Karuna Center adds peacebuilding experts to team

Locke

Locke UNIVERSITY OF SAN DIEGO

By CHRIS LARABEE

Staff Writer

Published: 03-25-2024 5:00 PM

Modified: 03-29-2024 4:43 PM


With two new members on its board of directors, the Karuna Center for Peacebuilding is looking to continue its international work, while also expanding on its mission right here in the valley.

In recent weeks, the international and domestic peacebuilding nonprofit has welcomed Jordan Ryan, a former United Nations official and vice president of Peace Programs at the Carter Center, and Rachel Locke, director of the Violence, Inequality and Power Lab at the University of San Diego, to its board of directors, as the organization prepares to build off its work in Africa and in western Massachusetts.

Karuna Center Executive Director Polly Byers said the two new board members’ vast amount of peacebuilding experience is “just extremely valuable for Karuna,” especially with the growing domestic initiatives, which is focused on working with local school districts, including Amherst-Pelham, Frontier and Mohawk regional school districts, to implement restorative justice practices.

“That’s been very exciting for us, actually having a real program here in the U.S. and now we’re figuring out what’s next because there’s clearly needs,” Byers said, adding another main objective across both their international and domestic projects is “capacity building.”

In a statement, Ryan said he is excited to offer his background to the organization.

“I am honored to join the Karuna Center board and contribute to its mission of empowering people divided by conflict,” Ryan said. “I look forward to working with the team to expand our impact and reach even to more communities suffering from violence and divisions.”

For Locke, joining the organization’s board of directors is sort of a full-circle moment, as the longtime violence-prevention expert who now works in San Diego, California, grew up in Northampton, where she said her family helped influence what has become her life’s work.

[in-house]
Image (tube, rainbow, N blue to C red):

“I can only blame my parents and my grandparents,” Locke said in an interview. “My grandparents were all very social-justice motivated and oriented and at a young age it was sort of drilled into me that part of living is to give back and to be conscious of your place in the world, and be conscious of the suffering of others and, it sounds cliche, how to leave the world a better place.”

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After heading to Mount Holyoke College and Columbia University, Locke worked at a variety of agencies before spending eight years with the United States Agency for International Development (USAID) from 2008 to 2016.

While working for USAID, Locke met Karuna Center founder Paula Green and, eventually, Byers, which further solidified the connection to the Pioneer Valley and finally led her to this month, when she officially joined the board.

“It’s just been a place that since I was 19 or 20 have continued to reconnect with,” Locke said. “Being on the board is a lovely way to solidify all those connections and give back a little bit.”

On the board, Locke said she can leverage her wide network of connections to support the center’s work, especially when it comes to capacity building. Creating a coalition of organizations, she noted, is the key to building peace.

“There is a real network of organizations and actors doing important work in the space and Karuna is among that network,” Locke said. “The more we can weave a tapestry of organizations holding together our social bonds, the more we will be better served.”

Byers echoed the idea, adding the Karuna Center’s work has always been focused on building connections and support on the local level.

“Our model has always been as a small organization working in partnership with other small organizations,” Byers said. “There’s just a huge need for this kind of work, for sure, as we all know the levels of divisiveness and polarization that we’re all working with.”

Chris Larabee can be reached at clarabee@recorder.com.